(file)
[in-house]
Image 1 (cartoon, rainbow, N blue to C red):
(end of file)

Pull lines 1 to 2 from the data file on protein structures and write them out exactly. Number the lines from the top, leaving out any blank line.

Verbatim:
[in-house]
Image 1 (cartoon, rainbow, N blue to C red):